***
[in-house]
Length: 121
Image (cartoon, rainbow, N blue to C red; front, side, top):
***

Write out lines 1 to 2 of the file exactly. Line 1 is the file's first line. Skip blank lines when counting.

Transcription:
[in-house]
Length: 121